ROM

          The UK faced a similar problem as does the Australian government , both of which were brought on by the stupidity of the politicals who seem incapable of working out that any schemes they think was a Good Idea At the Time will be rorted a
          with a much larger than expected and budgetted for amount of finance required.
          Or will be so darn complicated and littered with incoherent red tape and pointless that only a very few will have a bar of it even after the politicals have spent millions on it..

          Pollies unfortunately never learn or are incapable of learning from others mistakes even when those mistakes are as obvious as the proverbial dog’s etc.
          .
          Now this is what happened in the UK when solar installation subsidies were cut by 65%

          Per Guardian; Apr 2016

          UK solar power installations plummet after government cuts

          Fall in solar power was expected after ministers announced 65% cut to feed-in tariff, but size of drop-off will still dismay green campaigners

          The amount of household solar power capacity installed in the past two months has plummeted by three quarters following the government’s cuts to subsidies, according to new figures.

          A fall in solar power was expected following a 65% reduction in government incentives paid to householders, but the size of the drop-off will dismay green campaigners who want take up on clean energy sources to accelerate.
          &
          The capacity deployed by small solar power installations has fallen by 74% compared with the same period last year.

          Turnbull has a very simple option right there.
          Just Stop the subsidies dead in their tracks for the installation of domestic and solar farm systems.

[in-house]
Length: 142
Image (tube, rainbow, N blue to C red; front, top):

Let all those who are now living indirectly on the public teat by selling heavily subsidised solar systems and all those who have boasted of their income from their heavily public subsidised solar systems learn the hard way that you never ever trust a government to hold to one track forever particularly when changes are in the wind when elections come due and the politicals get yet asnother shuffle in cabinet or the party / parties.

          And bring in substantial grid access fees for all solar and wind generators of power to pay for all the heavier duty infrastructure required to handle the power from a widely distributed lot of solar and wind generators.
          Plus heavy grid access charges to pay the compensation for the vastly increased need for the AEMO to now constantly monitor and intervene to maintain the phase frequencies as the intermittent renewable energy , both solar and wind keep on their completely unpredictable generating profiles.

          And then as a final;

          IRENA; End of life Management ; Solar Photo Voltaic panels;
          .
          Solar panels at the end of life, about 20 years of operation are increasingly being classed over seas as a toxic due to the composition of the metals used to generate power that has to have expensive treatment to enable the old solar panels to be sequestered away and not pollute water and soil through leaching.